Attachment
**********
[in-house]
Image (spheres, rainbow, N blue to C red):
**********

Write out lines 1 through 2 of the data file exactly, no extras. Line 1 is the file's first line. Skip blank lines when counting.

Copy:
[in-house]
Image (spheres, rainbow, N blue to C red):